Game that Lets Player’s Kill Aboriginal People Dumped
19 January 2016 at 10:24 am
A video game that allowed players to kill Aboriginal people, promoting “racism and negative stereotypes of indigenous Australians”, has been removed from online stores following outrage on social media.
Survival Island 3 – Australia Story 3D, reportedly promoted the fact that you will “have to fight with aboriginals” and used warning messages like, “Beware of Aborigines!” when indigenous people appeared on screen.
A petition launched on Change.org late last week by Sydney woman Georgia Mantle called on companies selling the game to remove it from their sites. By Tuesday morning it had received more than 80,000 signatures.
“The game portrays indigenous Australian’s as violent and aggressive. As well as trying to promote the indigenous characters as authentic representations of a diverse culture through the description phrasing, ‘Meet real Aboriginals’,” Mantle said.
“Indigenous Australians face daily racism and discrimination. Indigenous Australians are over policed and continue to die at the hands of the state. This app further perpetuates the denial of indigenous Australians humanity. It associates us with flora and fauna of the Australian landscape.
“By shooting ‘dangerous Aboriginals’, this app makes us inhuman, it re-enforces racial violence, lack of punishment for white people taking black lives, it makes fun and sport of massacres and Frontier violence. This app is another colonialist frontier and continues to exploit the deaths of many Aboriginal people without regard to the trauma that it instigates.
“The profiting of historical genocide and introducing these genocides as entertainment completely disregards the continual suffering of our people.”
Communications Minister Mitch Fifield had called on the developers of the game NIL Entertainment, to apologise and said his department would investigate how the game had been allowed to be sold in Australia.
By Tuesday morning Google Play and iTunes had removed the game from their stores, but there was speculation that Amazon was still selling it.
A link to the game on the Amazon store appears to have been removed.
Reconciliation Australia CEO, Justin Mohamed, said the support the petition had received showed that reconciliation in Australia was “strong and robust”.
“It is incumbent upon us as a nation, and as individuals, to reject such abhorrent games,” Mohamed said.
“Games like Survival Island 3 perpetuate and undermine the horrific injustices Aboriginal and Torres Strait Islander people have faced since colonisation, including massacres, the removal of children from their families and the denial of basic citizenship rights.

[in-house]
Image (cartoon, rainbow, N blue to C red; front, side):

“Reconciliation Australia welcomes Communications Minister Mitch Fifield’s announcement that his department will investigate the circumstances that led to the game being made available for download.
“We are heartened to see so many Australians taking a stand against racism by signing and sharing the petition.
“In the lead up to the referendum on constitutional recognition, we must continue to ensure positive representations of Aboriginal and Torres Strait Islander people, and work toward new reconciliation milestones.”
A company sharing the same name as NIL Entertainment, but not related to the company that released the game in any way, said it had received a barrage of complaints on its Facebook page.
“This is not us! We absolutely think it's inappropriate,” the company said.
“We did the research and the publisher [seems] to be from Australia. We have received numerous accusations today.”
NSW Aboriginal Land Council Chair, Roy Ah-See, said it was important that Australia did what it could to avoid damaging incidents like this occurring again.
“NSWALC would encourage the developers of this game to get in contact with Aboriginal video game and app developers to share knowledge and to better appreciate our proud history and culture,” Ah-See said.
“There are emerging Aboriginal video game and app developers who are playing an invaluable role in using technology to strengthen our culture.
“Apps and other forms of technology are valued by Aboriginal communities in New South Wales as another way to connect our younger generations with our languages, culture and stories.
“For example, Aboriginal historian and artist Brett Leavy is using gaming technology which allows users to learn how Aboriginal people lived in Brisbane and Sydney before they were dispossessed of their land.”